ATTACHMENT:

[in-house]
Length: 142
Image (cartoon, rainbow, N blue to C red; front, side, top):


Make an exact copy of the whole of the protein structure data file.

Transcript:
[in-house]
Length: 142
Image (cartoon, rainbow, N blue to C red; front, side, top):